On Sunday we made the short trip from Lee Vining to Bishop, CA, a distance of about sixty-three miles and are set up in Highlands RV Park for a week.
On Monday morning Dave and Sue joined us for a visit to the Ancient Bristlecone Pine Forest outside Big Pine, CA. We drove south on Rte. 395 for about twenty miles, then turned east on Rte. 168.
Rte. 168 is a nicely paved two lane road that frequently undulates while it twists and turns heading into the mountains. At one point for about a mile it narrows to just a bit over one lane in width. Fortunately traffic is sparse and we didn’t meet anyone heading west.
Thirteen miles up (and we mean “up” as we gained significant elevation) Rte. 168 we turned north on White Mountain Road and continued to gain elevation. As we looked to the west across the Owens Valley we could see the beautiful, snow-covered mountains of the Sierra Nevada Mountains. You are looking at the two mile Palisades Glacier.
After winding up White Mountain Road to an elevation of 10,000 feet, we came to the Ancient Bristlecone Pine Forest Visitor Center. In the visitor center we watched a very informative video on the bristlecone pine and research on their age conducted here in the first half of the twentieth century. After viewing the movie the four of us headed out to hike the Discovery Trail, a one mile loop with a three hundred foot elevation gain going up the hillside next to the visitor center. Following that Dave and Sue headed back to Bishop and we headed out to hike the Methuselah Walk, a four and a quarter trail that goes through an ancient bristlecone pine forest.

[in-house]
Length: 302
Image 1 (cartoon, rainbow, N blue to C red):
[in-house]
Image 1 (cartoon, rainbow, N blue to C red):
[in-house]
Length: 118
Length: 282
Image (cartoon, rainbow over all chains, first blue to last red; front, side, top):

The bristlecone pine is the oldest living tree on earth. A tree found in this forest was measured to be 5,062 years old in 2012. Prior to that discovery, “Methuselah” was thought to be the oldest at 4,847 years old. At these high altitudes the trees have a gnarled and stunted appearance
Bristlecone wood is very hard and resistant to disease and insects. When a tree dies the wood does not decompose, it very slowly erodes. The slowly eroding remains of these dead trees create interesting formations.
We thoroughly enjoyed our time among these magnificent trees. Standing next to a living organism that is thousands of years old is just a bit humbling!